|Date(s):||May 8, 1839|
|Location(s):||INDIAN LANDS, Alabama|
|Tag(s):||Crime/Violence, Government, Law|
|Course:||“Rise And Fall of the Slave South,” University of Virginia|
|Rating:||1 (1 votes)|
Imprisonment at Auburn in Lee County, Alabama was literally torturous in 1839. On May 8, 1839, the Mobile Commercial Register published that a committee was investigating reports of certain cruelties towards prisoners. Upon surveying the prison, the committee confirmed that the prison keepers did in fact torture and whip the prisoners, so much that the doctors frequently had to visit to treat their wounds. They also starved them and worked them like horses. They lived in dungeons as dark as death that were kept at practically freezing temperatures. The paper described most of the prison superintendents as sheer brutes, and thus, such allegations should be expected.
Although the article did not call for any reforming action, many southerners disagreed with the penitentiary system. Those who were in favor of prisons said such institutions were favorable for reforming the individual and making the law more effective. On the other side of the debate, some southerners found reforming criminals to be dangerous and useless, preferring the old methods of fines, branding, local jails, and hangings. In 1834, a referendum in Alabama on prisons reported that voters were overwhelmingly opposed to the system. Nevertheless, the southern penitentiary system continued to expand.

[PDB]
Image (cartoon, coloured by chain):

Once created, local governments did not like spending money on prisons. Therefore, imprisonment could become an agonizing ordeal, as it was for the prisoners at Auburn. To raise the funds for upkeep, prisons leased out the prisoners to work in harsh conditions. The prison officials at Auburn were much like the ones all over the South, dealing out severe physical punishments, providing poor food, and focusing more on how they could profit from leases themselves. Even though many citizens were outraged at the conditions seen in Auburn, they did not take any progressive action. In fact, no action was taken in regards to the prison at Auburn until 1862. Because the voters did not even want the prisons in the first place, it was easier to ignore them, and thus, reform was not a popular point of focus in the nineteenth century.